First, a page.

1955, 1974 (2007). In reviewing a pro se complaint under § 1915A(b)(2), the Court must give the complaint the benefit of a liberal construction. Haines v. Kerner, 404 U.S. 519, 520 (1972). The court must also weigh all factual allegations in favor of the plaintiff, unless the facts alleged are clearly baseless. Denton v. Hernandez, 504 U.S. 25 (1992); Scheuer v. Rhodes, 416 U.S. 232, 236 (1974). In his original complaint, plaintiff named several individuals as defendants in the caption, but failed to include specific allegations against most of those individuals in his complaint. In the Court's July 23, 2009 Order, the Court directed plaintiff to more clearly state his allegations, including the name of each individual personally involved, how that individual was involved and how that individual violated plaintiff's constitutional rights. In his amended complaint, however, plaintiff again fails to include any specific allegations against defendants Griffin, Capps, Blackmon, Moscovich, and Norris. Therefore, the Court finds that these defendants should be dismissed from plaintiff's complaint for failure to state a claim for relief. In addition, plaintiff's remaining allegations against the other defendants fail to state a claim. Plaintiff appears to complain about the manner in which the grievance procedure is structured by the Arkansas Department of Correction (ADC) and defendant Correctional Medical Services, Inc. (CMS), and complains that unnamed defendants continue to deny his right to grieve for redress. However, "not every violation of state law or state-mandated procedures is a violation of the Constitution." Buckley v. Barlow, 997 F.2d 494, 495 (8th Cir. 1993). The Court in Buckley noted that a failure to process grievances does not implicate a constitutional right, "hence it does not give rise to a protected liberty interest requiring the procedural protections envisioned by the fourteenth amendment." Id. See also Williams v. Nix, 1F.3d 712, 717 (8th Cir. 1993).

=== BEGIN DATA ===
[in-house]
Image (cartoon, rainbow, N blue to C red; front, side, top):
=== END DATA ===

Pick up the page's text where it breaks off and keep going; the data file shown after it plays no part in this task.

Plaintiff also appears to allege that he has had difficulty in seeing a physician for an unspecified painful condition, but he does not allege that any specific individual has acted in a manner constituting deliberate indifference to a serious medical need. Plaintiff also appears to disagree with the particular treatments that he has been provided, but again, fails to specifically allege unconstitutional conduct by specific individuals. In order to support a claim for an Eighth Amendment violation, plaintiff must allege that defendants were deliberately indifferent to a serious medical need. Farmer v. Brennan, 511 U.S. 825, 827 (1994). However, even negligence in diagnosing or treating a medical condition does not constitute a claim of deliberate indifference. Estelle v. Gamble, 429 U.S. 197 (1976). Rather, the "prisoner must show more than negligence, more even than gross negligence, and mere disagreement with treatment decisions does not rise to the level of a constitutional violation," Estate of Rosenberg v. Crandell, 56 F.3d 35, 37 (8th Cir. 1995). See also Smith v. Marcantonio, 901 F.2d 500, 502 (8th Cir. 1990) (holding that a mere disagreement with a course of medical treatment is insufficient to state a claim for relief under the Eighth Amendment). Absent allegations of conduct suggesting deliberate indifference to a serious medical need by a specific individual or individuals, the Court therefore finds that plaintiff's remaining allegations should be dismissed for failure to state a claim. Accordingly, IT IS, THEREFORE, ORDERED that plaintiff's complaint against defendants is hereby DISMISSED for failure to state a claim, and that this dismissal constitutes a "strike" within the meaning of the Prison Litigation Reform Act (PLRA), 28 U.S.C. § 1915(g).1
The Prison Litigation Reform Act (PLRA), 28 U.S.C § 1915(g), provides that a prisoner may not file an in forma pauperis civil rights action or appeal if the prisoner has, on three or more prior occasions, filed an action or appeal that was dismissed as frivolous, malicious or for failure
IT IS SO ORDERED this 21st day of August, 2009.
_________________________________ United States Magistrate Judge
to state a claim, unless the prisoner is under imminent danger of serious physical injury.